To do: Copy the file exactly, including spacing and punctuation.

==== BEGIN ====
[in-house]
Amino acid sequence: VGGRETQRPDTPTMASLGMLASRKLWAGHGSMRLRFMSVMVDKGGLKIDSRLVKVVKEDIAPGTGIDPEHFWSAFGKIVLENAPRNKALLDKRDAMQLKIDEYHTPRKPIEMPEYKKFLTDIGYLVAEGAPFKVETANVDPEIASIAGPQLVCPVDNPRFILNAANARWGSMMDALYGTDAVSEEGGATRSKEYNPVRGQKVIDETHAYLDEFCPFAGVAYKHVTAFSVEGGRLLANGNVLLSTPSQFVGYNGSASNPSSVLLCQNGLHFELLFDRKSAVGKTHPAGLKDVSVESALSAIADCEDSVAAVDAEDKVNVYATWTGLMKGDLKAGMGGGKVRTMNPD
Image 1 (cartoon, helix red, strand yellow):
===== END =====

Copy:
[in-house]
Amino acid sequence: VGGRETQRPDTPTMASLGMLASRKLWAGHGSMRLRFMSVMVDKGGLKIDSRLVKVVKEDIAPGTGIDPEHFWSAFGKIVLENAPRNKALLDKRDAMQLKIDEYHTPRKPIEMPEYKKFLTDIGYLVAEGAPFKVETANVDPEIASIAGPQLVCPVDNPRFILNAANARWGSMMDALYGTDAVSEEGGATRSKEYNPVRGQKVIDETHAYLDEFCPFAGVAYKHVTAFSVEGGRLLANGNVLLSTPSQFVGYNGSASNPSSVLLCQNGLHFELLFDRKSAVGKTHPAGLKDVSVESALSAIADCEDSVAAVDAEDKVNVYATWTGLMKGDLKAGMGGGKVRTMNPD
Image 1 (cartoon, helix red, strand yellow):